In total, ALMA has 66 antennas: fifty-four 12-meter diameter antennas and twelve 7-meter diameter antennas. The radio telescope combines signals from each, working as an interferometer, in other words, a single giant telescope equal in size to the total array.
With perfect parabolic shapes and a precision equivalent to within a fraction of the thickness of a human hair, this is one of the most precise antennas in the world.
Unlike a telescope that is built in place and remains there, these antennas are solid enough to be moved between different pads without damaging their high-precision mechanisms. They are moved with transporter trucks that have been designed especially for these antennas and are able to reposition them to adapt to the required observation needs.
They do not need a dome or cupola to protect them. Although their reflectors are exposed to extreme conditions at an altitude of 5,000 meters above sea level in the Chajnantor Plateau, facing gusty winds and temperatures that vary from 20 to -20 degrees Celsius, and even snow, the antennas are designed to withstand these conditions.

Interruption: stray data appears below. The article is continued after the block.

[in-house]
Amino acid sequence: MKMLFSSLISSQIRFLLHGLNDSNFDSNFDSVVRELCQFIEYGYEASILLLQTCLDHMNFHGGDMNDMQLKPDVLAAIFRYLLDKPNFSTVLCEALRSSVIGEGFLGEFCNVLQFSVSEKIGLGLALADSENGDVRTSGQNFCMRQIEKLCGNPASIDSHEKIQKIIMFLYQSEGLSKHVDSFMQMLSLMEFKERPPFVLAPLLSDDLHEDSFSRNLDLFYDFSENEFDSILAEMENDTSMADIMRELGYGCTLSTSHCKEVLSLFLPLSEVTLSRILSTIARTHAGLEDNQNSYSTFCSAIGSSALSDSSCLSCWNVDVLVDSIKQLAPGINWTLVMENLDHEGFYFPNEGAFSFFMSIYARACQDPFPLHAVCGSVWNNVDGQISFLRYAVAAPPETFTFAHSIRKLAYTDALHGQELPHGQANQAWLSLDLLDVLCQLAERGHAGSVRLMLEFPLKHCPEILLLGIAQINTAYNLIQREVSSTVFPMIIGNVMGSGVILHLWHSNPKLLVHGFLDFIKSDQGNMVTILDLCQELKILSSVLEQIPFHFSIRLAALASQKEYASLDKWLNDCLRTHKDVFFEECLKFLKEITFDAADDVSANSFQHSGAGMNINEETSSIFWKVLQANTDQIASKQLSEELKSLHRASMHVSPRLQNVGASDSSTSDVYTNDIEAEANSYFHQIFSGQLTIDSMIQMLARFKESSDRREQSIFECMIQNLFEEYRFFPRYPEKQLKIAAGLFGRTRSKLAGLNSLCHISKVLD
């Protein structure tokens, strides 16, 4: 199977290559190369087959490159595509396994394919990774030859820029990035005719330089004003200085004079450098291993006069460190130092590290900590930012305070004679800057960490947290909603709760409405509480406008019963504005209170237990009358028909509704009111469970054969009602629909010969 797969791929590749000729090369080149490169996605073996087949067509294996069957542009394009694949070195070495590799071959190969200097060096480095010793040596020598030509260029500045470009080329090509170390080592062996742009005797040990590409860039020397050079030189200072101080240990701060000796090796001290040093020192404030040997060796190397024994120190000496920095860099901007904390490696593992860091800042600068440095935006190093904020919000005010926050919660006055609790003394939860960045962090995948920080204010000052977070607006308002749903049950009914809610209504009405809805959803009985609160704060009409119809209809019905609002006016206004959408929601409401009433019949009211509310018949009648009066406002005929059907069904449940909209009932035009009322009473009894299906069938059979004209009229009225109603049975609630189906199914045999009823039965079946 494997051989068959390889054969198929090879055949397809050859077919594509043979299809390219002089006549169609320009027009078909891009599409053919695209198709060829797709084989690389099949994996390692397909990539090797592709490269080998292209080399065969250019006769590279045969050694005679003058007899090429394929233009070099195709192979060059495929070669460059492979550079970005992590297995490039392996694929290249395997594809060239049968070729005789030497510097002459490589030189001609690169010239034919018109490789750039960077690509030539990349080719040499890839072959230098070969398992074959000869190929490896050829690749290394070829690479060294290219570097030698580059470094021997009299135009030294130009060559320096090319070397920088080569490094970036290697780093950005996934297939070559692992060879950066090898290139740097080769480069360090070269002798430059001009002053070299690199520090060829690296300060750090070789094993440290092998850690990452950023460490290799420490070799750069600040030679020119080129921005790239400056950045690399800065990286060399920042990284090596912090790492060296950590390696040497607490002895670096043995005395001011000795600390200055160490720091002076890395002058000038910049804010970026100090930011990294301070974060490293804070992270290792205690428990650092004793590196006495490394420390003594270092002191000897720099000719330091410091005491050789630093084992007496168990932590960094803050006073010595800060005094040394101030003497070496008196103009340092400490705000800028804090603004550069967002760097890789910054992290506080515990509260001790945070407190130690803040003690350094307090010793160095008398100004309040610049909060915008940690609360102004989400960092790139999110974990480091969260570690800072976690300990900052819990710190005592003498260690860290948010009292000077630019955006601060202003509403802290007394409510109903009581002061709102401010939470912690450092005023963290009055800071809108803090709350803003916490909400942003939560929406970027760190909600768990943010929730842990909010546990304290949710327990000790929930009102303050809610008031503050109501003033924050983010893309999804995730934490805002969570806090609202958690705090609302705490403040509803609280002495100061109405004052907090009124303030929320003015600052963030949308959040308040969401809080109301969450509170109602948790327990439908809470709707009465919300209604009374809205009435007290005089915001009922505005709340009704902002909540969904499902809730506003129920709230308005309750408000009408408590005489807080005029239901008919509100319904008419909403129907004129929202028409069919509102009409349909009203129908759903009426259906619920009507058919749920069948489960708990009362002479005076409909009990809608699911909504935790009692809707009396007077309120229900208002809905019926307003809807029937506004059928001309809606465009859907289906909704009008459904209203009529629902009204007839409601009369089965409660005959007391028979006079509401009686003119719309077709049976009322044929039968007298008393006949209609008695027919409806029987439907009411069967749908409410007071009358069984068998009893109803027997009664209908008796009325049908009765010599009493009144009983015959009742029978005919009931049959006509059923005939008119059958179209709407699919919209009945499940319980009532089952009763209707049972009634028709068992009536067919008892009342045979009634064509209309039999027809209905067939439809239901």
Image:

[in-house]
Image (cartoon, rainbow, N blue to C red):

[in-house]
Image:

In 2009, the first completed antenna was transported from the ALMA camp or Operations Support Facility (OSF) to the Chajnantor Plateau or ALMA Operations Site (AOS), at 5,000 meters above sea level.
ALMA, A WORLDWIDE COLLABORATION
The Atacama Large Millimeter/submillimeter Array (ALMA) -the largest astronomical project in existence- is a single telescope of revolutionary design, composed of 66 high precision antennas located on the Chajnantor Plateau, 5000 meters altitude in northern Chile. ALMA is an international partnership of the European Southern Observatory (ESO), the U.S. National Science Foundation (NSF) and the National Institutes of Natural Sciences (NINS) of Japan, together with NRC (Canada), MOST and ASIAA (Taiwan), and KASI (Republic of Korea), in cooperation with the Republic of Chile.
Amy C. Oliver